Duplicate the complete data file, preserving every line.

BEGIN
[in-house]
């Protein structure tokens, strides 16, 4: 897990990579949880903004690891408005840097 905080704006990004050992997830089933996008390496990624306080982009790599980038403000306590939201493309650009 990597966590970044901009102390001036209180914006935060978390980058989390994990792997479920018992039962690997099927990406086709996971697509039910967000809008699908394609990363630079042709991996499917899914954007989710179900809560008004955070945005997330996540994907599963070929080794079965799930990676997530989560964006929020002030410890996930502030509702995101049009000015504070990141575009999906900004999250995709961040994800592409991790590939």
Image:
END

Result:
[in-house]
């Protein structure tokens, strides 16, 4: 897990990579949880903004690891408005840097 905080704006990004050992997830089933996008390496990624306080982009790599980038403000306590939201493309650009 990597966590970044901009102390001036209180914006935060978390980058989390994990792997479920018992039962690997099927990406086709996971697509039910967000809008699908394609990363630079042709991996499917899914954007989710179900809560008004955070945005997330996540994907599963070929080794079965799930990676997530989560964006929020002030410890996930502030509702995101049009000015504070990141575009999906900004999250995709961040994800592409991790590939």
Image: